There are three main characters in this important work of nonfiction, each the focus of one part: 1) The Reverend: Willie Lee Maxwell, an African American Baptist preacher and pulpwooder in Alabama, who took out multiple life insurance policies on wives and other relatives in the 1970s, then collected on them after their suspicious deaths. It was the kind of case (and there are too many other recent examples) where everyone seemed to know what he was doing but the justice system was unable or unwilling to do anything about it. At the funeral of his final victim, the daughter of his third wife, Maxwell was shot to death by Robert Burns, one of her relatives. 2) The Lawyer: Tom Radney, long a prominent Democratic politician in Alabama, who represented Maxwell in his battles with the insurance companies, then represented Burns at his trial for murder. 3) The Writer: Harper Lee, famous author of To Kill a Mockingbird, who after years of failed false starts to follow up on her success, became fascinated by the Maxwell/Burns case and did much research and planning for a book, which she eventually abandoned.
Though Lee doesn’t appear until past the halfway point, the author covers her life in detail, including accounts of both Mockingbird and Truman Capote’s In Cold Blood, on which she was his research assistant (depicted in two biopics about Capote) and to which she contributed to a greater extent than might be guessed. When Lee’s Go Set a Watchman, a sequel (though written earlier) to Mockingbird, was published in 2015, many readers were shocked by the contrast of heroic Atticus Finch in the iconic book and film and the seemingly racist character of Watchman. Cep recognizes that the reaction reflected the inability of Northerners to imagine or recognize the complexity of Southerners: Lee’s editor on Mockingbird, Tay Hohoff, “might have found it difficult to imagine segregationists who despised the Klan, but Lee knew that the South was full of them. She had known countless men like the Atticus of Watchman, who would defend a black man in court only to bar him from the ballot box, not to mention the neighboring booth or bar stool. In fact, the majority of whites in Alabama would never have joined a lynch mob, yet openly opposed the integration of schools or anything else.”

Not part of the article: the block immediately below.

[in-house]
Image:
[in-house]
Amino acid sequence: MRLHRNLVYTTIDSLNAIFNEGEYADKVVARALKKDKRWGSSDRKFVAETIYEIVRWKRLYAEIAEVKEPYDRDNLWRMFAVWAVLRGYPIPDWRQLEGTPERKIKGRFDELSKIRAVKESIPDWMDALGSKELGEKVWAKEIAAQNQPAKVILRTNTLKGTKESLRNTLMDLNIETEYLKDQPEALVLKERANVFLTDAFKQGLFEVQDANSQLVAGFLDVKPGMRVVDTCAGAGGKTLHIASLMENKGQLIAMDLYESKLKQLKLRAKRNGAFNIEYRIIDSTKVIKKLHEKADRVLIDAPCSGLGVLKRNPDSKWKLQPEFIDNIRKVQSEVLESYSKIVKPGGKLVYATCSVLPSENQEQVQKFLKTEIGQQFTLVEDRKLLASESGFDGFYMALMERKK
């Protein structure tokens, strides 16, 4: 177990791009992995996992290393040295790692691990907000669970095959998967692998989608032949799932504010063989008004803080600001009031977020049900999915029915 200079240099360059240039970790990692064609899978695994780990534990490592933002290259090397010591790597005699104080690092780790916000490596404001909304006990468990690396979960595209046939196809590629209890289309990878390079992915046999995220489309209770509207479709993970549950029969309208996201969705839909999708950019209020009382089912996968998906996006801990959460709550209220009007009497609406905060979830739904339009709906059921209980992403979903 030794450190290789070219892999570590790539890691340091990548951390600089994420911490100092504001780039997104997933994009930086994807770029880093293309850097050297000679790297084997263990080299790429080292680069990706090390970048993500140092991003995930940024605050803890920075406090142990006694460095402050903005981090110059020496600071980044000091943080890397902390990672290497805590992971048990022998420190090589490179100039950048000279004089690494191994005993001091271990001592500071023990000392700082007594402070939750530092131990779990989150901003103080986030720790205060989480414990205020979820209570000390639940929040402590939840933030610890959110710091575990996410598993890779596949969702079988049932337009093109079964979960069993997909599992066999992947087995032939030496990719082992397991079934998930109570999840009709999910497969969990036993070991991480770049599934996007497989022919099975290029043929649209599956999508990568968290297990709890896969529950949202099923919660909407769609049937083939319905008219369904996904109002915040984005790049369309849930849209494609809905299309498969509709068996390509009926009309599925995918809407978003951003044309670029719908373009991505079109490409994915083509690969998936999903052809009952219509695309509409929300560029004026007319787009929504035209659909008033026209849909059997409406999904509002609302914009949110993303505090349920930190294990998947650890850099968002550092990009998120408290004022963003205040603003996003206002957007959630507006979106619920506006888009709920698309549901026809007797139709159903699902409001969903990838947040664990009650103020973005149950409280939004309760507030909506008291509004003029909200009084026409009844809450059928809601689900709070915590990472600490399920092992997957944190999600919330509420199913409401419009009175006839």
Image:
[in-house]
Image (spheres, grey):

When a book is both true crime and biography, which Edgar committee gets it? That’s for the MWA to decide, but at least one of them should consider this outstanding work.
(Reviewed from the ebook edition.)